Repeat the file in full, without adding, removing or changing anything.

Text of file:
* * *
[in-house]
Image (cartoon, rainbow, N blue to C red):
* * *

[in-house]
Image (cartoon, rainbow, N blue to C red):